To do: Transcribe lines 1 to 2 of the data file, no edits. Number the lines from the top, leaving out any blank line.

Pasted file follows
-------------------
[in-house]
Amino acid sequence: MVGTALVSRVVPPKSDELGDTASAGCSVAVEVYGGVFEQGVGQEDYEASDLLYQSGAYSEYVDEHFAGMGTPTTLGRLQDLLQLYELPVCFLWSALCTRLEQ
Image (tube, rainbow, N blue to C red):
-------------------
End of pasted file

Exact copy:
[in-house]
Amino acid sequence: MVGTALVSRVVPPKSDELGDTASAGCSVAVEVYGGVFEQGVGQEDYEASDLLYQSGAYSEYVDEHFAGMGTPTTLGRLQDLLQLYELPVCFLWSALCTRLEQ